Ever since the public protests in Naameh in January 2014, the Lebanese government has been trying to secure a new location for Beirut and Mount Lebanon’s waste in order to meet their self-imposed deadline for the closure on January 2015. The deadline was extended for three months, twice, and no location was found. Since January 2014, there have been rumors of new landfills in different areas of the country, and this was met with protests all over the country. In December 2014, residents and local organizations of the southern towns of Ekleem El Kharoub protested government plans to dump the waste near them. During that same month, residents of Chouf also protested similar proposals.
Since the closure of the Naameh landfill two weeks ago, protests against government plans to dump waste in different areas have intensified, leading to the blocking of major roads and highways. Last weekend, residents of the towns of Ekleem El Kharouib blocked the highway leading to the South for 24 hours after finding trucks transporting waste to their towns. Ain Dara residents blocked Dahr al Baydar over reports that Beirut’s garbage will be transferred near them. Residents of Beirut blocked roads with burning trash overflowing from their bins due to the halting in collection and activists held protests against the accumulation of garbage leading to the arrest of four activists.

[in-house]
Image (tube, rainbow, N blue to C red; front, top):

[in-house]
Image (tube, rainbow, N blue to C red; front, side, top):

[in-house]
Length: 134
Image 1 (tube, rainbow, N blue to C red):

Amid all this chaos the government has still not been able to find a long-term solution for the waste problem in the country. A temporary solution was announced earlier this week: to transport waste to various areas around the country. The government has not disclosed all the different locations where waste will be temporarily dumped but reports indicate that one of them is the Karantina area in Beirut where a treatment facility exists. However, according to the Mayor of Beirut, this location only has the capacity to accept waste for 10 days. Other municipalities have been throwing their trash near the airport, resulting in fires and jeopardizing aviation safety. Pictures on social media have circulated of trash being disposed illegally and being burnt.
It is safe to conclude that the government’s handling of this situation has been disastrous. Petty disputes amongst Lebanon’s political class have resulted in a public sector that is unable to provide basic services to its citizens. The government had over a year to propose a new waste disposal plan, consult with the public and obtain consensus on how to deal with this inevitable crisis. However, there are no signs that any of this was done. In fact, the secrecy surrounding the new locations for the temporary disposal of the waste clearly indicate that public engagement is the last thing on the government’s list of priorities when these decisions are being made. Decree 8633, the Environmental Impact Assessment (EIA) Law, requires that an EIA to be conducted for any planned solid waste management facility and as part of this process, public consultation is key. If the government followed their own laws, which they had plenty of time to do, maybe we could have avoided the war images we are now enduring.